One need only set this ad campaign against the worried reactions to the "flapper" earlier in the decade to see the depth and breadth of the change in the culture. Consider "Step on it, Mother. This isn't the Polka." Anne Shaw Faulkner, head of the Music Department of the General Federation of Women's Clubs, expressed some of the initial outrage at the way the younger generation was dancing in an article in The Ladies' Home Journal of August 1921 called "Does Jazz Put the Sin in Syncopation?":
Jazz originally was the accompaniment of the voodoo dancer, stimulating the half-crazed barbarian to the vilest deeds. The weird chant, accompanied by the syncopated rhythm of the voodoo invokers, has also been employed by other barbaric people to stimulate brutality and sensuality. That it has a demoralizing effect upon the human brain has been demonstrated by many scientists.
There is always a revolutionary period of the breaking down of old conventions and customs which follows after every great war; and this rebellion against existing conditions is to be noticed in all life to-day. Unrest, the desire to break the shackles of old ideas and forms are abroad. So it is no wonder that young people should have become so imbued with this spirit that they should express it in every phase of their daily lives. The question is whether this tendency should be demonstrated in jazz that expression of protest against law and order, that bolshevik element of license striving for expression in music.
. . . .
Dancing to Mozart minuets, Strauss waltzes and Sousa two-steps certainly never led to the corset-check room, which now holds sway in hotels, clubs and dance halls. Never would one of the biggest fraternities of a great college then have thought it necessary to print on the cards of invitation to the "Junior Prom" that "a corset check room will be provided." Nor would the girl who wore corsets in those days have been dubbed "old ironsides" and left a disconsolate wallflower in a corner of the ballroom. Now boys and girls of good families brazenly frequent the lowest dives in order to learn new dance steps. Now many jazz dances have words accompanying them which would then never have been allowed to go through the mail. Such music has become an influence for evil.
Nor did one have to be an official of the General Federation of Women's Clubs to disapprove. Dorothy Parker, poet, short story writer, wit, described:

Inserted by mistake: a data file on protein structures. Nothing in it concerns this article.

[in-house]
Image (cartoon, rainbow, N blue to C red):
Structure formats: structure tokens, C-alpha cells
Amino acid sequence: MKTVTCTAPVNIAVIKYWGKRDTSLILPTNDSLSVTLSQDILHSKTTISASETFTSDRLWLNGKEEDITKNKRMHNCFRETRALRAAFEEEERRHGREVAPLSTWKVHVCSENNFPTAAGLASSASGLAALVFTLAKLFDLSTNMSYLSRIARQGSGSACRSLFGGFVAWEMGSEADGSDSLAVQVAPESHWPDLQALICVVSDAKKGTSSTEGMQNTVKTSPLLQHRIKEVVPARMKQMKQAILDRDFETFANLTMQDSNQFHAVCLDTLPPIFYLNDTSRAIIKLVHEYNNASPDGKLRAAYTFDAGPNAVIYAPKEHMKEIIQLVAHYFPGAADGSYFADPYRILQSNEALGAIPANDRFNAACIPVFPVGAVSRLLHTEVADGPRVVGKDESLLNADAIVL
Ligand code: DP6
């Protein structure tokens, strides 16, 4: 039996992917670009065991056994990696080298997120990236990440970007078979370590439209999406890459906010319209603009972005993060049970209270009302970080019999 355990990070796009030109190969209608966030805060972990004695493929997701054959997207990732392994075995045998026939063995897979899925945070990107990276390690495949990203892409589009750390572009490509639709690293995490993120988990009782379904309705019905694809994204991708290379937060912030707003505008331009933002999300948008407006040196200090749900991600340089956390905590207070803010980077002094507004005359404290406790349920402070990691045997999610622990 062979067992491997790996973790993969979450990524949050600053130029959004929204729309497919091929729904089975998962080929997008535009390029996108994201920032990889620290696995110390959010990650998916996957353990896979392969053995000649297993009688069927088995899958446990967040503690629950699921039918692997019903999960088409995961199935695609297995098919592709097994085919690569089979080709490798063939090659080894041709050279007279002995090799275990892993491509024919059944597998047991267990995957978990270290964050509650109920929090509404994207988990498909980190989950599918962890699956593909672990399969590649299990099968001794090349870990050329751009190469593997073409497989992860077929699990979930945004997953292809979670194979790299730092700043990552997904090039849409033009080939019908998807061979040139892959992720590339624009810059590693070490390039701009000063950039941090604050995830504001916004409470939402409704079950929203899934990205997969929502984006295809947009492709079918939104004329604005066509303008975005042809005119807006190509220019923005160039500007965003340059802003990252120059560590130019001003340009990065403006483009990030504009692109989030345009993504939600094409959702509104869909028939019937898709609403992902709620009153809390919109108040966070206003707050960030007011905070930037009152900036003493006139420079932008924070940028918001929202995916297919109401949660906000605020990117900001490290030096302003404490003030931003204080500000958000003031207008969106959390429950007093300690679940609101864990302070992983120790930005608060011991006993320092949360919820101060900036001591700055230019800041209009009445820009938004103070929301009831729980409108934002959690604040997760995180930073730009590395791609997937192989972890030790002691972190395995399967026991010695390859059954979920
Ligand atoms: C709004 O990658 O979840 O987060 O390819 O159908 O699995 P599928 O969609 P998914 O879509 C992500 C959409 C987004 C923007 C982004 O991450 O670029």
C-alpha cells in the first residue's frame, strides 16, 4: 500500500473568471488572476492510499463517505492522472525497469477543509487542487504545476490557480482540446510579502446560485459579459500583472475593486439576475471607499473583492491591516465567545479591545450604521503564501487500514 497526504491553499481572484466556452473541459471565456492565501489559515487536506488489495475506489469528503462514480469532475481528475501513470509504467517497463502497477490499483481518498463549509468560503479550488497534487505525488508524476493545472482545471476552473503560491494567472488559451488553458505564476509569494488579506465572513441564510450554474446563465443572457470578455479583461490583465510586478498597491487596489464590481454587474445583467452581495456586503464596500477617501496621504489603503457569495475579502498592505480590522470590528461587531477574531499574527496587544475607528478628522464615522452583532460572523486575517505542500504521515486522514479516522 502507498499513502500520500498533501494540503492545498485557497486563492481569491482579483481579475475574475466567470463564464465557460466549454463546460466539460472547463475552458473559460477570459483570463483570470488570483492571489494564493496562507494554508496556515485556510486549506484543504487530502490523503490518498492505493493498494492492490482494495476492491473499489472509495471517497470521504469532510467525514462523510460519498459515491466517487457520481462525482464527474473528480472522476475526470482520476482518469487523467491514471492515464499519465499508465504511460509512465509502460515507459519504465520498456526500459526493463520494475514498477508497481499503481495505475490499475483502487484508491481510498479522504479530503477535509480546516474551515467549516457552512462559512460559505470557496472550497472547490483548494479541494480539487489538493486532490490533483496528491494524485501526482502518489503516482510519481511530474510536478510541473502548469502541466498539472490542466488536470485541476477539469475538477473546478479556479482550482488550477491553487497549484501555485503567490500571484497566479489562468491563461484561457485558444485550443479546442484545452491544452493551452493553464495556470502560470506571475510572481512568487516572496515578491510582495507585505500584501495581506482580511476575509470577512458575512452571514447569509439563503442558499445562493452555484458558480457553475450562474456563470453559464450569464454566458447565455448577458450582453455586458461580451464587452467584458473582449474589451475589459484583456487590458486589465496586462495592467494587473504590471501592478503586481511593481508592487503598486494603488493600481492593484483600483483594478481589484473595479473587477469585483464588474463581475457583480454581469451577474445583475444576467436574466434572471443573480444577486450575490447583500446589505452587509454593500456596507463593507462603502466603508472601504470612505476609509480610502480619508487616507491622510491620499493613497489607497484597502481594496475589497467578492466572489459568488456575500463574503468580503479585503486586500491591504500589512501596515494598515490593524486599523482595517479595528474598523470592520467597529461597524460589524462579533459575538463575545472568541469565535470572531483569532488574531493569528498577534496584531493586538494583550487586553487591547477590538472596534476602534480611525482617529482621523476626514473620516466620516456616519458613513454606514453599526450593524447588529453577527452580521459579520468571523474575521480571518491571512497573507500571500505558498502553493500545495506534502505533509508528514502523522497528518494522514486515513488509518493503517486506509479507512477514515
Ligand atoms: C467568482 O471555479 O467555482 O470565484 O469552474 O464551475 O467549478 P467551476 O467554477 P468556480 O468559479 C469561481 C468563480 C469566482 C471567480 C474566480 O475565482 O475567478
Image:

The Playful flapper here we see,
The fairest of the fair.
She's not what Grandma used to be,
You might say, au contraire.
Her girlish ways may make a stir,
Her manners cause a scene,
But there is no more harm in her
Than in a submarine.
She nightly knocks for many a goal
The usual dancing men.
Her speed is great,
But her control Is something else again.
All spotlights focus on her pranks.
All tongues her prowess herald.
For which she well may render thanks
To God and Scott Fitzgerald.
Her golden rule is plain enough
Just get them young and treat them rough.
Yet, by the end of the decade, advertisements treated the matter as settled. The flapper had become the "modern young woman," whose "gay philosophy" shared with Nietzsche's a repudiation of "traditional" or "old-fashioned" ideas as forms of slavery. One can hardly imagine very many contemporary readers of "Modernizing Mother" caught the allusion to Nietzsche. A much higher percentage would have recognized in the use of "repression" a reference to Freud. But all were supposed to respond to the notion of a "sensible freedom." And all were to appreciate the daughter's essential goodness in sharing her freedom with her formerly repressed mother. There is, in the ad campaign, no explicit reference to sexuality. That had been at the heart of the controversy over the "flapper." But, look again at "Don't Fuss, Mother, This Isn't So Fast." In the parlance of the day, a girl who was "fast," broke the sexual rules. She not only flirted and petted. She went further. Mothers and daughters had for years argued about whether wearing skirts at the knee, rolling stockings below the knee, taking off your corset at a dance, smoking cigarettes, using rouge and lipstick made the daughter look "fast." How many of those daughters had said "Don't Fuss, Mother"? What they wanted to do wasn't "so fast."
How had this profound change taken place?1 What had occasioned the collapse of "old-fashioned" ideas? We approach this topic in several ways.
- One is by looking at the "commodification of fantasy" in the 1920s.
- Another, related approach examines the emergence of an Ethos of Consumption.
- We also analyze the crisis of evangelical Protestantism in the 1920s. Since much of the "old fashioned" and "repressive" traditions the "modern young woman" rejected came from this religious orientation, it makes sense to look at the "Declension of American Revivalism" and at "The Scopes Trial, Fundamentalism, and the 'Acids of Modernity."
- We also seek to understand some of the sources of the rise of the "modern woman" in the 1920s in terms of ongoing changes in gender relationships and of the impact of World War I.